Title:
BACTERIAL GHOST (BG) PRODUCTION PROCESS USING BETAPROPIOLACTONE (BPL) FOR FINAL INACTIVATION
Kind Code:
A1


Abstract:
The invention relates to bacterial ghost preparation using betapropiolactone for final inactivation of bacteria.



Inventors:
Lubitz, Werner (Kritzendorf, AT)
Application Number:
12/356703
Publication Date:
04/15/2010
Filing Date:
01/21/2009
Primary Class:
Other Classes:
435/259
International Classes:
A61K39/02; A61P31/04; C12N1/06; A61K39/00
View Patent Images:



Primary Examiner:
NAVARRO, ALBERT MARK
Attorney, Agent or Firm:
ROTHWELL, FIGG, ERNST & MANBECK, P.C. (WASHINGTON, DC, US)
Claims:
1. A method producing a bacterial ghost preparation comprising treating said bacterial ghosts with betapropiolactone.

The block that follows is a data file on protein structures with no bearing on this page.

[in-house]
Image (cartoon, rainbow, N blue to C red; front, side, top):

2. The method of claim 1 comprising the steps: (a) producing a bacterial ghost preparation and (b) subsequently treating the bacterial ghost preparation with betapropiolactone under conditions wherein the number of any remaining living bacterial cells in said ghost preparation is reduced.

3. The method of claim 1, wherein the number of any remaining living bacterial cells in said ghost preparation is reduced by at least 103-104, preferably by at least 105 or 106.

4. The method of claim 1, wherein the bacterial ghosts are treated with 0.01-1% (vlv) betapropiolactone final concentration, preferably 0.025-0.5%.

5. The method of claim 1, wherein betapropiolactone addition is carried out in two consecutive steps.

6. The method of claim 1, wherein betapropiolactone addition is carried out at 26-50° C., more preferably at 35-45° C., even more preferably at 38-43° C.

7. The method of claim 1, wherein bacterial ghosts are inactivated for 10-60 min, more preferably for 15-45 min, even more preferably for 25-35 min.